This is a fantastic room but I was running out of lives in order to find a cool screenshot!


I have already experienced the joys of what the Falcon can knock out thanks to Racer 2. Although some might look at this platformer and assume it's technically a humble, static-screen game - they are wrong. It looks gorgeous and I think Joska/Mun has done a brilliant job using a style that looks uniquely different to what I initially expected.

It begins with a nice intro describing the historical tale with text scrolling over the title screen image. What I loved was how it doesn't overlap the logo - a simple effect with excellent results. The game has a console feel thanks to smooth sprites, palettes, and design. The level of detail is superb and I appreciated how each room has an individual feel.

I won't spoil the surprise of the Game Over screen. It's dark. But it's superb!!

If you're hoping the audio is just as impressive then you're in for a treat. The music is quite distinctive with a selection of fantastic chiptunes by Skuggemannen. I must admit, I didn't expect to hear "ST tunes" but they work well (and I'm relieved not to hear tracker music). Interestingly, playback isn't blindly continuous and can change depending on your location. This first happens in "Prayer Of Hope" and I think it's a killer effect adding depth and tension.

Things aren't so impressive for the sound effects which are barely audible thanks to the problems of emulation. For example, I can hardly hear the Crusaders banging on the door and the church bell sounds miles away. Okay, this is hardly the end of the world but still disappointing. I envy Falcon owners more and more with each breath!

Yes, it looks and sounds the business so let's celebrate this 32-bit coolness with even more screenshots...

Otto from Berzerk is here, erm I think. He chases so use the platforms wisely to dodge him.

I might have struggled to reach this fantastic room without the aid of a nifty teleporter.

The CryptO'pinion?

Please note, this review is based purely on what I experienced with Hatari. So, with that in mind, I must admit that I've had a fistful of fun albeit with some annoying slowdown and disappointing sound effects. Thankfully, it's still very playable and nothing can ruin my enjoyment of this excellent platformer which is challenging and very entertaining.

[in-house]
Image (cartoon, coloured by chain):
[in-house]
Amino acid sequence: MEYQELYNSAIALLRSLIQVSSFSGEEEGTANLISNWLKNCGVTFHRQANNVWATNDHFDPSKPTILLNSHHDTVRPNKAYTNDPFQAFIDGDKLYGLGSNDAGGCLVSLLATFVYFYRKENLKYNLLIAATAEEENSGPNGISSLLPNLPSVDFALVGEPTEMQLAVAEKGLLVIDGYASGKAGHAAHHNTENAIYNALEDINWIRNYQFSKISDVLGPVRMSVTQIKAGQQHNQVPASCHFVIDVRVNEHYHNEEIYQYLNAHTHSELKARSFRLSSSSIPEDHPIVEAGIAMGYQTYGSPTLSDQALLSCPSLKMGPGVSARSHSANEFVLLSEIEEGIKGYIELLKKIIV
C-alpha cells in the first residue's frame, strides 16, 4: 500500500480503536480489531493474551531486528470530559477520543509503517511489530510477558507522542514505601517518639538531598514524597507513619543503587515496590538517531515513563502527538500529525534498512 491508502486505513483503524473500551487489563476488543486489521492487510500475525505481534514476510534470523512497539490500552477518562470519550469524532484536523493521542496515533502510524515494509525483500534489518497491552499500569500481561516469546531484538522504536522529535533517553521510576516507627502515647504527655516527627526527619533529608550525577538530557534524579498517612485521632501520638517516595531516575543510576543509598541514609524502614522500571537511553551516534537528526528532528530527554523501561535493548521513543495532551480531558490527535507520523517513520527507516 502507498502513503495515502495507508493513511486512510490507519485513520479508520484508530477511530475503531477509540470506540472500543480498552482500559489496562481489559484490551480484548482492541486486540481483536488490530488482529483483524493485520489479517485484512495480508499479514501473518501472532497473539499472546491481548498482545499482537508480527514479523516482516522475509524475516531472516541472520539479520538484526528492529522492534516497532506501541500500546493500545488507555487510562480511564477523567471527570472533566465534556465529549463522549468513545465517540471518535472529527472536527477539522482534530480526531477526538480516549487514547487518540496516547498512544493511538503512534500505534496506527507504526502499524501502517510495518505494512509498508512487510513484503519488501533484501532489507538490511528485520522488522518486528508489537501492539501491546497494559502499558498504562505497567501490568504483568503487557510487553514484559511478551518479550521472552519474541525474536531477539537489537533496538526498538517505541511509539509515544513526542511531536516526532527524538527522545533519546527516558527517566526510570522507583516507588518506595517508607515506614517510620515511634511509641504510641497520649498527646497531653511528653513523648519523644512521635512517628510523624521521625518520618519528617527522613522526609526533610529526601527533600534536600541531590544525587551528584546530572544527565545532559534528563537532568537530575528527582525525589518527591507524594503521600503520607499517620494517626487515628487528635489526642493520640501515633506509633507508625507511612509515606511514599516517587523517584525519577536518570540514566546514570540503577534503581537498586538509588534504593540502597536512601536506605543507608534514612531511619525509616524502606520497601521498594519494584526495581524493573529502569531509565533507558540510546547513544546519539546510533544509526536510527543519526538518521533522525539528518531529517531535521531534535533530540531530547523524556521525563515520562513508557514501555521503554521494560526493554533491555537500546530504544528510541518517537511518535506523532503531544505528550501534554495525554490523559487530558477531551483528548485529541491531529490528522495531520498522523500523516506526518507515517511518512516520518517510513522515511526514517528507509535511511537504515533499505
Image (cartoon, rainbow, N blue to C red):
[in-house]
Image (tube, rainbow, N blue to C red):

With each play, I get a little farther whilst noting everything of interest. It's this exploration and gradual progression that took me back to my ZX Spectrum days roaming the factory of Chuckie Egg 2 and the mansion of JSW.

L'Abbaye Des Morts is an excellent platformer and I'm chuffed to bits I got my order in with Cote Gamers. Yes, I'm stuck using an emulator but, even with the problem that presents, I still enjoyed myself. I love its old-school charm along with the fact that it keeps on dragging me back for more. I only wish there was a cutdown version available for the Atari ST/e.

I must admit, there's a part of me tempted to > map < this platformer but it's gonna be a tough one if I do...

Tough? Yeah, Hatari makes some scenes harder than they actually are. And with my gaming skills...!!

Credits and other stuff

It's obvious that a lot of love, sweat and tears(!) went into this Falcon platformer which is thanks to these guys:
Jo Even Skarstein (coding & graphics)
Geir Vælidalo (additional code & graphics)
Mun (additional graphics)
Nevat (additional graphics & maps)
Skuggemannen (music)
Joska's website with Atari game download:
Cote Gamers published the boxed release:
Video recording by tIn^demos using real hardware:

Hmph, I've no Falcon but I do own the game! Weird, I know, but take a gander at this boxed beauty...

The cover artwork is superb and it feels like you're trying to view the monk through the glare.

Squidgy bits to stop the disk rattling about have been kept. I don't know why either!

I know I'll never get to boot this up unless someone donates their Falcon O_o

I love the manual which is mostly an interesting "making off" in English and French.